The Key Differences Between OPC UA And MQTT Sparkplug

The Key Differences Between OPC UA And MQTT Sparkplug

author Kudzai Manditereza

Written by Kudzai Manditereza

Category: HiveMQ

Published: July 12, 2022

The success of Digital Transformation strategies for manufacturing companies largely depends on their ability to connect to industrial data sources of all kinds and mobilise the data they create over the internet for purposes of integrating OT centric data with Enterprise/IT applications.

In that regard, there are two leading communication protocols that provide standardised message exchanges to provide the necessary interoperable connectivity between these two aforementioned domains that have traditionally remained isolated from each other. These are MQTT Sparkplug and OPC UA.

In this article, I’m going to describe the key differences between MQTT Sparkplug and OPC UA. But before we dive into the defining characteristics of these protocols, let us set the stage by briefly defining each communication technology.

What is MQTT Sparkplug?

MQTT Sparkplug is an open-source software specification that provides MQTT clients the framework to seamlessly integrate data from industrial sources within the MQTT infrastructure in a bi-directional and interoperable way. It achieves this by defining a consistent MQTT Topic Namespace, Payload Representation and Session State Management.

What is OPC UA?

OPC UA is a cross-platform, open-source data exchange standard for machine-to-machine industrial communication. It achieves interoperability by using a service-oriented architecture and defining generic device and information models that are independent of the manufacturer or system supplier.

Below are the key differences between MQTT Sparkplug and OPC UA


MQTT Sparkplug’ s centrally brokered publish-subscribe communication model enables you to build a highly scalable IIoT solution, because even if thousands of components subscribe to consume an event it wouldn’t affect how that event is produced. Depending on the MQTT broker, a MQTT Sparkplug based IIoT system can scale up to tens of millions of connected devices and systems.

On the other hand, due to its request-response communication model, OPC UA only works well in small internal networks where the server has the capacity to respond to all clients’ demands. Because of that, your capacity to significantly scale an OPC UA based IIoT solution to include other business functions is severely limited.

Data Bandwidth Efficiency

MQTT Sparkplug’s report-by-exception rule ensures that data producers publish data only when they detect a change in the value of the monitored data point, meaning that MQTT Sparkplug clients only transmit changed data and a small keep alive packet to let the MQTT broker know that the client is still there. This saves bandwidth, memory, cpu time, power, and when combined with small payload size, results in a highly efficient protocol.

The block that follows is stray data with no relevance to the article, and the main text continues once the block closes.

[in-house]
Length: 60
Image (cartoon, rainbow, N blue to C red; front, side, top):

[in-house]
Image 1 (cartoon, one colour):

OPC UA’s request-response model requires that the client continuously poll the server even when there has been no change in process data. This consumes a lot of bandwidth, memory, cpu time, power, and when combined with the need to maintain a stateful connection, it results in an inefficient protocol.

Data Integrity

MQTT Sparkplug’s data modelling capabilities enables the creation of a single source of truth at the plant-floor for contextual model, asset, and tag data that can be consumed by hundreds or even thousands of both OT and IT applications through a single non-altering messaging medium, an MQTT broker. Allowing you to define and organise business processes around the data model.

OPC UA too has an OT centric modeling engine with many different data model definitions. Firstly, the variety of data models creates fragmentation within the standard itself, and also, because consumption of its data depends on direct connections of a limited number of client applications that in turn expose the data for consumption by other OT and IT applications, there is no guarantee that the integrity of the data will be maintained along the pipeline, hence business processes cannot be organised around it.

Ease of Integration

MQTT Sparkplug publish-subscribe architectural model enables the connection of devices and applications through a Unified Namespace such that they never have to contact each other directly, which results in loosely coupled IIoT systems that make integrating (new) components easier.

OPC UA’s request-response architectural model requires that devices be directly connected to applications which means that applications become dependent on a particular device they control, resulting in a tightly coupled IIoT system that makes it difficult to integrate new components.

Auto Discovery

MQTT Sparkplug components can automatically discover what data will get sent by all the network participants that are connected.

OPC UA clients need to be pre-configured with information such as node address or OPC Ua device type.

Session State Awareness

MQTT Sparkplug has inbuilt Session State Management capabilities through Birth and Death certificates in conjunction with the MQTT connection “Keep Alive” timer that enables it to provide real-time visibility of all system components.